This refers to ‘King of pain’ by M.L. Dhawan (Spectrum, Jan 16). R.C. Boral was awestruck by Saigal’s vocal virtuosity. He overshadowed talented heroines-singers like Kannan Devi and Khursheed. Acting was only a means to display his singing prowess. When Suraiya, the topmost heroines of her times, got a chance to act with Saigal in Parwana, she was so overawed that she could not sing even one duet with him.

Saigal had many firsts to his credit. Saigal was the first actor, after whom a chair (called the K.L. Saigal Chair) was set up in the Department of Music, Panjab University, Chandigarh. He was also the first singer-actor whom Gurudev Rabindra Nath Tagore garlanded after he sang Bengali songs based on Rabindra Sangeet at Shantiniketan. Saigal was also the first singer who sang in several languages namely Hindi, Urdu, Bengali, Telugu, Tamil and Punjabi.

Vijay Sheel Jain, Ludhiana

Sen and sensibility

This refers to A.J. Philip’s write-up “Sen and Sensibility,” (Saturday Extra, Jan 8). The writer’s account of a sensational experience in Kolkata was informative and engrossing. Knowing fully well that only a few yards of land is sufficient for his burial, man yearns for acquiring land by fraudulent means. Aware that everything will remain here after his death, his lust for amassing material things remains instiable. This acquisitiveness is the root cause of today’s tension, which in turn, gives birth to a myriad diseases.

Tarsem S. Bumrah, Batala

Living in the past

Why is Bollywood fascinated with history and times in the past? The Rising and Kisna are two new movies which take you back to the times before freedom was ours. We are tired of seeing life before Independence. Once we were fighting for freedom, but now it is more than 55 years that we have been free. We need to look forward. Please make movies on contemporary subjects, current scenarios and situations. Who wants to know about Mangal Pandey? He is not famous like Bhagat Singh or Subhash Chandra Bose or Mahatma Gandhi.

Films are made to entertain people and shouldn’t be an education. If it is, please show them on Doordarshan. Please make entertaining films. At the end of day, we would like to laugh and de-stress ourselves. Long moustaches do not suit Aamir Khan and he has taken a huge risk with The Rising; which may get a good opening because of him but Kisna may just become another Yaadein in Subhash Ghai’s life.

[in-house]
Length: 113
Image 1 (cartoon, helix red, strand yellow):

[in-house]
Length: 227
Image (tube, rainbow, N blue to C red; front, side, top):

Prixit Shakya, Shimla

Translating verses

Apropos of Khushwant Singh’s “Untranslatable” (Saturday Extra, Jan 15), some poetic works contain a sprinkling of such words, phrases and similes as defy appropriate expression in any other tongue.

Such verses cannot be translated without losing much of their peculiar beauty and sweetness.

Angraai is a simple word, that means to yawn. However, the learned writer has put a far-fetched vulgar construction on it. His translation of Raasikh’s couplet is absolutely wide of the mark. Fitnah means mischief, tribulation, revolt, wicked person, temptation, etc., and not “desire” as mentioned by him. Likewise, Qiyaamat means Doomsday, calamity, cruelty, scene of trouble, excessive (ly), exquisite (ly), wonderful, great, etc and not “devil” and “hell”.

Bhagwan Singh, Qadian

HOME PAGE | Punjab | Haryana | Jammu & Kashmir | Himachal Pradesh | Regional Briefs | Nation | Opinions |
| Business | Sports | World | Mailbag | Chandigarh | Ludhiana | Delhi |
| Calendar | Weather | Archive | Subscribe | Suggestion | E-mail |